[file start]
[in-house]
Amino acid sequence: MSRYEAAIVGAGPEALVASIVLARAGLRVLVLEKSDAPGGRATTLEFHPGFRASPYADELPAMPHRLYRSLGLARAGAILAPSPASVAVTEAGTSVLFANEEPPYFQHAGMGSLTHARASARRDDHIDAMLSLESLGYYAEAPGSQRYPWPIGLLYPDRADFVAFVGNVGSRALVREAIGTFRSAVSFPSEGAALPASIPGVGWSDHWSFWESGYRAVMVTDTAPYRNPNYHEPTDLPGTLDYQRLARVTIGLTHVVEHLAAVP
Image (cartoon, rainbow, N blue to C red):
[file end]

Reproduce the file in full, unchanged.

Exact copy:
[in-house]
Amino acid sequence: MSRYEAAIVGAGPEALVASIVLARAGLRVLVLEKSDAPGGRATTLEFHPGFRASPYADELPAMPHRLYRSLGLARAGAILAPSPASVAVTEAGTSVLFANEEPPYFQHAGMGSLTHARASARRDDHIDAMLSLESLGYYAEAPGSQRYPWPIGLLYPDRADFVAFVGNVGSRALVREAIGTFRSAVSFPSEGAALPASIPGVGWSDHWSFWESGYRAVMVTDTAPYRNPNYHEPTDLPGTLDYQRLARVTIGLTHVVEHLAAVP
Image (cartoon, rainbow, N blue to C red):